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Wellness

I Became a Morning Person for a Week so You Don’t Have To

Ah mornings; for some, this vital time that sets the tone for the day provides a window of healthy productivity, while for others, it perpetually evokes nerves and fatigue. I always crave the freshness that I assume morning people feel when they effortlessly bounce out of bed before sunrise and seemingly complete dozens of tasks before 11 a.m.; about the time I naturally rise due to my night owl tendencies. For me, as the sun sets, a spark of energy flows through me. I love the creativity, peace, and relaxation provided by being enveloped in a darker world. I’m a night owl through and through — always have been — but hopefully, that will change. 


oatmeal and coffee
Photo by the5th from Pixabay

In the past, my wake-up time was more forced, so mornings generally teemed with exhaustion, stress, and the necessity to rush. Ever since I reached college, I’ve had more control over my schedule which has allowed me to embrace my tardy circadian rhythm. Initially, I loved this freedom; it allowed me to be productive, satisfied with my work-life balance, and feel comfortable in my natural rhythm. However, COVID-19 has created a dystopian way of living, ushering in asynchronous remote classes and the elimination of many fulfilling aspects of life. Like many, the pandemic has eventually taken a toll on my sleep-wake cycle, which has adversely affected my productivity, mental wellbeing, and relationships. Recently, whenever I don’t have a responsibility to tend to, I find myself sleeping through most of the morning, reaching the peak of my day around 4 or 5, hitting a slump for the remainder of the night, and crafting an unfortunate habit with this pattern. So, what did I do to rectify this negative turn that my schedule has taken? I took a leap into the life of an early bird for a week. Well, at least I tried to…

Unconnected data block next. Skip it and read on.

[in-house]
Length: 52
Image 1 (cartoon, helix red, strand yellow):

woman sitting on white bed stretching
Photo by Bruce Mars from Unsplash

A few days before my plunge into early morning life, I slowly wound back my bedtime. To do this, I took a midday walk, completed any pressing work before dinner, shifted my dinners to be earlier, spent an hour or two in bed before sleeping, and listened to a podcast or read a book before dozing off. Honestly, this was TOUGH, and I failed repeatedly; just the thought of going to bed at 10 or even 11 p.m. was hard for me to succumb to. But once I came to terms with the necessity of going to sleep earlier, I proceeded to gradually wind my wake time earlier. Eventually, my early bird “challenge” arrived on Monday, and waking up at 7 a.m. (for no pressing reason) was initially hard to stomach. I tossed and turned until the multiple alarms of varying sounds from across my bedroom became unbearable. Since I set my alarm across my room, I had to physically get up and did not let myself lay or sit back down until I completed a chunk of my morning routine. I opened my shades, drank water, made my bed, and proceeded with my daily tasks; this time completed earlier, not rushed, and in order (as opposed to being scattered throughout my day). Most importantly, other than listening to podcasts and checking the weather, I did not go on my phone until after breakfast which helped to set a positive mindset for the day. Throughout the week, I chose a positive practice to integrate into my lengthened morning routine such as meditation, a walk outside, stretching, etc. 


Photo by cottonbro from Pexels

Undoubtedly, this week as a morning person was difficult, but each wakeup became easier as the days proceeded and I felt my new schedule solidify. I discovered so much appreciation for having extended daylight available and this altered set of pace created a baseline of enhanced relaxation, even as the sun set. Although I do not know if this idealized lifestyle will be sustainable for my night owl propensity, this “experiment” allowed me to be unintimidated by a 6 a.m. alarm and has definitely shifted my sleep schedule in a positive direction. For anyone else struggling with their daily routine, productivity, and mental health, don’t be afraid to mix things up by hitting the hay earlier, embracing a good night’s sleep, and waking up fresh; ready to seize the day!

Honor, a Senior Editor of UMass Amherst HC, is currently a junior honors student majoring in public health and psychology. In her free time, she loves to explore the outdoors on walks with her dog, listen to music and podcasts, decompress with her sketchbook, and experiment with new recipes.
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